Skip to main content

Three Tips on Writing Dialogue

By Cunning & Craft: Sound Advice and Practical Wisdom for Fiction Writers by Peter Selgin

1. Make it concise. The fewer words used to make a point, the better. Go back and cut, cut, cut—to the bone—keeping only those lines that convey character and thus entertain.

Image placeholder title

2. Include subtext. What people say and what they really mean are often different things, with meaning often buried under the lines, and not floating on them.

3. Be illogical. People are, especially when they speak—especially when they argue. For this reason dialogue shouldn't always make sense. Nor do people listen when others speak; even if they do, they often don't respond directly to what's just been said. When writing dialogue, try, every three or four lines at least, to deal from the bottom of the deck, to have characters say something surprising if not bizarre, something at least not obvious.

6 Things Every Writer Should Know About Sylvia Beach and Shakespeare and Company

6 Things Every Writer Should Know About Sylvia Beach and Shakespeare and Company

Sylvia Beach was friend to many writers who wrote what we consider classics today. Here, author Kerri Maher shares six things everyone should know about her and Shakespeare and Company.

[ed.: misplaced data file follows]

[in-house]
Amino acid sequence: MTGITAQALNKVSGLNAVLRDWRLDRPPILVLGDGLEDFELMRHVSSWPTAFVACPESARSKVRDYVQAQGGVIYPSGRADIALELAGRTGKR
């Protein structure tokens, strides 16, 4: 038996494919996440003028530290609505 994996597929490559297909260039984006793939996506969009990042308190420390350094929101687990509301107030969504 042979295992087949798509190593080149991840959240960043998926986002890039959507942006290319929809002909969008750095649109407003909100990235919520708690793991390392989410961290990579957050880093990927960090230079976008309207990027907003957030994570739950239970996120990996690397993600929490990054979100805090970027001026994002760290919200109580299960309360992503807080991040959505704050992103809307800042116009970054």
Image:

How Writers Can Apply Business Tools to Their Writing

How Writers Can Apply Business Tools to Their Writing

Author Katherine Quevedo takes an analytical look at the creative process in hopes to help other writers find writing success.

Nick Petrie: On Following the Most Compelling Story

Nick Petrie: On Following the Most Compelling Story

Award-winning author Nick Petrie discusses how he listened to the story that wanted to be told in his new Peter Ash thriller novel, The Runaway.

Poetry Prompt

Wednesday Poetry Prompts: 596

Every Wednesday, Robert Lee Brewer shares a prompt and an example poem to get things started on the Poetic Asides blog. This week, write a punishment poem.

Jacquelyn Mitchard: On Forgiveness in Fiction

Jacquelyn Mitchard: On Forgiveness in Fiction

Award-winning novelist Jacquelyn Mitchard discusses the chance meeting that led to her new novel, The Good Son.

Sea Bound

Sea Bound

Every writer needs a little inspiration once in a while. For today's prompt, write about someone connected to the sea.

writersMarket_wd-ad_1000x300 (1)

Get Published With the Latest Market Books Editions

Get published and find more success with your writing by using the latest editions of the Market Books, including Writer's Market, Poet's Market, Guide to Literary Agents, and more!

Michigan Quarterly Review: Market Spotlight

Michigan Quarterly Review: Market Spotlight

For this week's market spotlight, we look at Michigan Quarterly Review, the flagship literary journal of the University of Michigan.

Desperate vs. Disparate (Grammar Rules)

Desperate vs. Disparate (Grammar Rules)

This post looks at the differences between desperate and disparate with Grammar Rules from the Writer's Digest editors, including a few examples of correct usages.